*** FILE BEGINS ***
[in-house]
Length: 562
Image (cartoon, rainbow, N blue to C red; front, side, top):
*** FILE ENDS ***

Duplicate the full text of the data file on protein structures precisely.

[in-house]
Length: 562
Image (cartoon, rainbow, N blue to C red; front, side, top):